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'Sexy Men' take plunge into 'Ocean's Twelve'

December 5, 2004


RANCHO MIRAGE, Calif. -- It's fine to be part of a pack of 12, but that still doesn't make you No. 1.

George Clooney looks absolutely despondent as he holds a recent copy of a national magazine in his $20 million-a-movie hand. In a black suit, white shirt and minus the 30 pounds he gained for a new movie, the A-lister appears disgusted as he reads a headline that makes him queasy.

It's not oil prices or the stock market that's making him sick. It's the fact that Jude Law has been proclaimed the Sexiest Man Alive, according to the foremost arbiter of pop culture, People magazine.

Clooney realizes this is no time to dwell on his own emotions and that he's not even one of the runners-up this year. He can't focus on his own pain because others are in a bigger emotional tailspin.

"Pretty boy Pitt is more than a little upset," Clooney whispers, pointing to his "Ocean's Twelve" co-star, who hovers in one corner of a suite at the rustic Bighorn Golf Club here.

'Ocean's' newcomer welcomed into the pack
'Ocean's' newcomer welcomed into the pack


PALM SPRINGS, Calif. -- Producer Jerry Weintraub remembers it well. "It was the first day of shooting in Chicago. Brad had just come back from 'Troy,' and he was still in a dress.

"All the guys were in a warehouse downtown doing a scene when Catherine Zeta-Jones walks in," says the veteran moviemaker about the "Ocean's Twelve" shoot.

"All I can remember is the high heels and the tight jeans. She was so gorgeous that all the guys were around her in 60 seconds."

Adds Pitt, "I was hurt because I look good in a dress."

Jones, one of the few women in "Ocean's Twelve," remembers it differently as she sips tea in black pants, a tight tank top and gold sparking jacket at the Bighorn Golf Club here. "I was just so intimidated, and I thought they'd want to replace me," says the Welsh beauty with a sigh.

Then she admits, "I'm intimidated every day. But on this set, it was great because they welcomed me with open arms. I had to leave my prissy girliness at the door."

Zeta-Jones enjoyed the many perks of shooting. "Well, George Clooney says, 'Come to my house in Italy. I came armed with two kids, a husband and a nanny. George opened the door and said, 'Catherine, hello. I'm shocked. Nobody takes me up on those invites,'" she says with a laugh.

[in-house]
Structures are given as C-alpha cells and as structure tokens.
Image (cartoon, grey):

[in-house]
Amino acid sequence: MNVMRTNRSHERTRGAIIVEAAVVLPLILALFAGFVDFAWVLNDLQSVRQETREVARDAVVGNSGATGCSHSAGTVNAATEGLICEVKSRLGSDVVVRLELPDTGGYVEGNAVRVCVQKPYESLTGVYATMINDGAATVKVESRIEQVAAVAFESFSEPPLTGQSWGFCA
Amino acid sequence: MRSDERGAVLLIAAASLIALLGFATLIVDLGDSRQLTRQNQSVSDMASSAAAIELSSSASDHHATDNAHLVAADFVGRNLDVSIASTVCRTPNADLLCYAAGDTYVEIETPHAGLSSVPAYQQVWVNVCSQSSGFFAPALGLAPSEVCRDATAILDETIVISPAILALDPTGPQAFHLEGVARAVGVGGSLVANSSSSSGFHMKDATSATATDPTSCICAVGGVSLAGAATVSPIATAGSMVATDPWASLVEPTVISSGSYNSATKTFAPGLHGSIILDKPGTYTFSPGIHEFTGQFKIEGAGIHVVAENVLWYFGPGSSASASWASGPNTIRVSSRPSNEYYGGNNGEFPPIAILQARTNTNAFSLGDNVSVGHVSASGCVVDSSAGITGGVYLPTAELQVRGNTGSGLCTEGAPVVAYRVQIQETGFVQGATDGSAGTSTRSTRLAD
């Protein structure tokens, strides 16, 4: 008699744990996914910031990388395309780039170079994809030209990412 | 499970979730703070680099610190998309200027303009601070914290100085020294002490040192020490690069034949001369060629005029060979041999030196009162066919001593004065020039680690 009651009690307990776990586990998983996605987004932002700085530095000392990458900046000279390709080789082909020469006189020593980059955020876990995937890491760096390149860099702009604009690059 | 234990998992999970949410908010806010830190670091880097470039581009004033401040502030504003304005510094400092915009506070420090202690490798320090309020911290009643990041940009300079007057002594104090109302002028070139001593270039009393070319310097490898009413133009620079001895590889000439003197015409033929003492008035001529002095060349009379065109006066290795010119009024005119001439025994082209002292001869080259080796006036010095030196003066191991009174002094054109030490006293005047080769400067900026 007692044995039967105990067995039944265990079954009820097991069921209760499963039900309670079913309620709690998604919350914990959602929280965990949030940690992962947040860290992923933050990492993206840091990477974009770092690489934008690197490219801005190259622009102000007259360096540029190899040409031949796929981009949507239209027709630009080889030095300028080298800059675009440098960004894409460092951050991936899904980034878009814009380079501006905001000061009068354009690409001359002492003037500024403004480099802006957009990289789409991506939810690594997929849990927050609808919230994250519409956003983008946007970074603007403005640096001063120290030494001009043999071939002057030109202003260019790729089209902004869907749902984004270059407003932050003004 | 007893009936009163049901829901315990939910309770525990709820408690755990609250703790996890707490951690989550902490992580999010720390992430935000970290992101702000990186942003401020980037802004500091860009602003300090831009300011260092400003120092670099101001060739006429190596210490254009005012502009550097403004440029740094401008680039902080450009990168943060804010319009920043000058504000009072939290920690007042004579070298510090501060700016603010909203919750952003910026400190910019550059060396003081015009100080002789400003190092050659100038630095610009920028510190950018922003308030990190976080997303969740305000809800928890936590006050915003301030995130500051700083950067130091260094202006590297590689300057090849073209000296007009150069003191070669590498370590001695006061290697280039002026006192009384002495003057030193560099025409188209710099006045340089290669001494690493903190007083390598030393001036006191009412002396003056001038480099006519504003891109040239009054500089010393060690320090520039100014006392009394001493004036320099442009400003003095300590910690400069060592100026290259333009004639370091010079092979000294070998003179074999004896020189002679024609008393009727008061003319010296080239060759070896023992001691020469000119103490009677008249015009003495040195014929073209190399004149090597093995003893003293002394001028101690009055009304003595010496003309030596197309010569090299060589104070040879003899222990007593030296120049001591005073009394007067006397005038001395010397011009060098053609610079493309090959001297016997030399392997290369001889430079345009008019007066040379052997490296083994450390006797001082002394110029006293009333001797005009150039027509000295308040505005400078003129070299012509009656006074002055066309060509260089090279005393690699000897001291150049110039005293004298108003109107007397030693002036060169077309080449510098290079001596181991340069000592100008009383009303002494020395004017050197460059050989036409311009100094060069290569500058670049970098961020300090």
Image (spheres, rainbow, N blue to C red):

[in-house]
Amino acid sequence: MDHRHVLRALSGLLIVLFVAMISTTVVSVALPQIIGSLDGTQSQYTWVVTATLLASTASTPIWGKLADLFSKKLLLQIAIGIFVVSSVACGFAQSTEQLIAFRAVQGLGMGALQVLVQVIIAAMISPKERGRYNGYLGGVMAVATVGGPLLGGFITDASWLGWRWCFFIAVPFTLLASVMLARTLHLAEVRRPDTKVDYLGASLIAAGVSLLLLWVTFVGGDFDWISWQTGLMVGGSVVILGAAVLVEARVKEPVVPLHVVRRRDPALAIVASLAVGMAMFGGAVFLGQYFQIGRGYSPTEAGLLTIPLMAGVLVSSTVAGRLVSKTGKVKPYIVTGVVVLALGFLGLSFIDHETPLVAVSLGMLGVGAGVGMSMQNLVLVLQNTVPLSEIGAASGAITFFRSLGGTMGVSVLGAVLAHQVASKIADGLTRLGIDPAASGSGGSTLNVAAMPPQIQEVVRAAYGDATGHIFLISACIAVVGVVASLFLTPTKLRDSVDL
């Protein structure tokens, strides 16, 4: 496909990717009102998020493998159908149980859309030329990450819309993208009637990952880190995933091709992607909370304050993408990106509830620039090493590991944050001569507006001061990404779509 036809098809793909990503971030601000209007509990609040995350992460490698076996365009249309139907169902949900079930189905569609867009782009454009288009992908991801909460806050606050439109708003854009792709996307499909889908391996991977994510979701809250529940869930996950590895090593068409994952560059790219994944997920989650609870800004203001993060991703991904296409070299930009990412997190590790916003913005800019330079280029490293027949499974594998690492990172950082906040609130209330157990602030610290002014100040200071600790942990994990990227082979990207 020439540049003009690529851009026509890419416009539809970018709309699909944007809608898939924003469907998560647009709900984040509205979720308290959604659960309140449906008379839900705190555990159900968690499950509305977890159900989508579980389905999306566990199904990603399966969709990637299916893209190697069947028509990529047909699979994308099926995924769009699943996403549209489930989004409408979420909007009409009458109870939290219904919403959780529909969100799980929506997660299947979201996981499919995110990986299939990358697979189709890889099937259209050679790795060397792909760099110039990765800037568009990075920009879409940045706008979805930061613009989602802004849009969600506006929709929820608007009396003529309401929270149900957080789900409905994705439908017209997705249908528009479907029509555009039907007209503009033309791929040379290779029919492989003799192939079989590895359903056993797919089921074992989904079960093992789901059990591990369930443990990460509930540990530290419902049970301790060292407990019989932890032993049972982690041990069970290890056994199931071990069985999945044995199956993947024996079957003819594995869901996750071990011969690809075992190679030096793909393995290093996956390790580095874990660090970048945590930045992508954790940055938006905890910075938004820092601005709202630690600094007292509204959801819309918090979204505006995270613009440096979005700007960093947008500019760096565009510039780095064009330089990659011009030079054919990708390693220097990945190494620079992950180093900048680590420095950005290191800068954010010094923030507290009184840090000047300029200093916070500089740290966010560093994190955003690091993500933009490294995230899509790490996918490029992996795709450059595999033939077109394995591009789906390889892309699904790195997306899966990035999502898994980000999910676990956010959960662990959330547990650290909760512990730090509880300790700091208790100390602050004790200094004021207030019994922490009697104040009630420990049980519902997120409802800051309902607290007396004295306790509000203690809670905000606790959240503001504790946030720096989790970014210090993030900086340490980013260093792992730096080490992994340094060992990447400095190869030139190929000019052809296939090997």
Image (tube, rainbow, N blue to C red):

And then there was the ultimate perk, which was all those lip locks with Pitt. Kissing Brad during their love scenes was just another day at work for her. "Basically, there were days when my task was to pop an Altoid and kiss Brad Pitt. Brad is so easy. Seriously, there is a history between the characters we play. She loves the guy so much, but she's dumped by him. Then ironically, she must go after the love of her life. It makes for good drama."

One question remains: Did her husband, Michael Douglas, get a bit peeved over all the action?

"It's hilarious. My husband would say, 'Honey, what are you doing this morning?' I'd say, 'Oh, I'm kissing Brad Pitt on a bridge.' He'd say, 'Well, what are you doing this afternoon? I'd say, 'Oh, I'm kissing Brad Pitt in an alley,' " she says, laughing.

"What could I do? I'm part of the gang now."

Distributed by Big Picture News

"Brad is down. He's hurt," Clooney adds as Matt Damon approaches and whispers, "You should ask Brad about it, because he's been talking about it a lot this morning. He's obsessing."

It's high noon out West, and the stars of "Ocean's Twelve" have gathered but not to plan their latest heist. They're actually stealing a few moments to discuss a pivotal event in American media life before they get to the sequel to "Ocean's Eleven," their $183 million hit. Then a long, lean figure in a beige Armani suit and matching gold shirt approaches Damon and places a hand on his back.

"George and I have started a club," says Brad Pitt, looking tenderly at his younger co-star. "It's for former Sexiest Men Alive. We work with the young now to coach them. First lesson: Jude had a great flair. He ran a great campaign, but Matty will get there."

"It's my dream," says Damon, emitting a little dramatic sob.

Until then he will just have to be content with starring in a major holiday movie called "Ocean's Twelve." The sequel to the 2001 box office bonanza, directed by Steven Soderbergh and opening Friday, stars Clooney, Pitt, Damon, Don Cheadle, Julia Roberts and Andy Garcia. It also features three new heists that take the con men and thieves to Rome, Paris and Amsterdam.

There are also a few newcomers, including Vincent Cassel and Catherine Zeta-Jones as an agent and Pitt's ex-girlfriend. She's tracking the men as they try to find enough loot to pay casino boss Garcia back before he kills them.

Over coffee, the entire cast gathered on a rainy day on a golf course to discuss the mayhem, the madness and their methods when it came to jumping into the deep end of the "Ocean's" again.

Q. Did anyone actually get along on this set, or are you all going to tell us it was one big love fest because that looks so good in print?